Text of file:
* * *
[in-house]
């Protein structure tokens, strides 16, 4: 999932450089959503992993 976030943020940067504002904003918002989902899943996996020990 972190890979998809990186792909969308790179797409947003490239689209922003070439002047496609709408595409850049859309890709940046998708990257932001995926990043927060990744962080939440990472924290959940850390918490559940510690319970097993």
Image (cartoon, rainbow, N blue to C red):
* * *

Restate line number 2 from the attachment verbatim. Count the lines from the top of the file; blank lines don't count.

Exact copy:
């Protein structure tokens, strides 16, 4: 999932450089959503992993 976030943020940067504002904003918002989902899943996996020990 972190890979998809990186792909969308790179797409947003490239689209922003070439002047496609709408595409850049859309890709940046998708990257932001995926990043927060990744962080939440990472924290959940850390918490559940510690319970097993």